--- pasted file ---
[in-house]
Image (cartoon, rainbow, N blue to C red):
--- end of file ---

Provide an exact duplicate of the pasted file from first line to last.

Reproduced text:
[in-house]
Image (cartoon, rainbow, N blue to C red):